In the current economic environment, there are various reasons why small and medium enterprises (SMEs) would require an audit of their annual financial statements. An audit could be required by law in terms of the Companies Act of South Africa, the company’s memorandum of incorporation, the bank during an application for funding, potential investors, or the regulators in the industry in which that SME operates (or any other legislation).
If an entity requires its financial statements to be audited, the management of that entity must approach a registered auditor for a proposal/quotation. The auditor will subsequently review the entity’s profile, including historical financial information, to assess how long and ultimately how much it will cost to perform such an audit. When determining these costs, the auditor will also take into account the reporting timelines and/or deadlines, as they will have a significant impact on the amount of resources the auditor will have to invest to complete the audit.
In practice, the issue of costs is a very sensitive one, because an auditee wants to be audited at the lowest possible cost while the auditor must perform each audit ensuring that he/she meets certain minimum quality requirements and also complies with the International Standards on Auditing (ISAs).
THE AUDITOR’S PERSPECTIVE
From a legal standpoint in South Africa, only auditors that are registered with the Independent Regulatory Board for Auditors (IRBA) can perform external audits. Registration and membership with the IRBA has its own cost implications for auditors as they are charged a fee upon registering themselves (the individual) and registering their audit firm (the entity). In order to retain their licenses, auditors must continue to pay annual membership fees as well as a percentage of the fees they generated during the year from performing audit engagements to the IRBA.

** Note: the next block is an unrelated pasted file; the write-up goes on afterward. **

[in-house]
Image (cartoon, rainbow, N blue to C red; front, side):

Professionally, each auditor has a responsibility to perform each audit engagement at the appropriate quality level and to ensure compliance with all relevant auditing standards. An audit that is up to standard or at the right quality level means that the auditor must have properly trained staff, invest in technology (audit software, etc), comply with continuous professional development (CPD) requirements, and also spend the right amount of time on the engagement amongst other things. All of this comes at a hefty cost to the auditor.
On an annual basis, auditors must disclose to the IRBA all the audits they have performed and the IRBA (using their risk-based methodology) will select engagement files for review and inspection. Should the IRBA’s inspection find that an audit engagement performed by the auditor lacks the desired quality, there are serious financial and business continuity risks for the auditor.
THE CLIENT OR AUDITEE’S PERSPECTIVE
The client or the entity being audited, like any other business, would like to keep their operating costs as low as possible. To them, an audit is just another operating cost.
If all that matters is to keep costs low when you go ‘shopping’ for audit services and you only have eyes out for the lowest possible fee, it is likely that you may fall victim to illegitimate, unqualified and/or unregistered accountants claiming that they are able to provide audit services. This may backfire if it is later discovered that your ‘audit was not performed by a registered auditor or was not performed at the right quality and standard. In some instances you may have to redo the audit, which may have serious cost implications. (You can verify registered auditors by visiting www.irba.co.za/find-an-ra.)
If an organisation requires an audit for whatever reason, it is crucial for management to have an understanding of what exactly an audit is, why their organisation requires an audit, and who is qualified to perform such an audit. This will help them draw up a realistic budget and take away any misconceptions that they may have about audits.
Because of the constant pressure to keep costs low, management often fails to see that an audit adds value to the organisation. It can also be a good opportunity to get honest feedback about the functionality of some of the internal controls, as well as the financial state of the organisation.
All things considered, the auditor and the auditee need to find a middle ground on the audit fee, which leads to instances where the audit fee can be negotiable. The audit fee cannot be so low that it poses a significant threat to the quality of the audit. Auditors are also running a business, so their fees must be competitive in the open market.
Tumelo Makgakga CA(SA), RA, Managing Director, FirstPlace Assurance & Advisory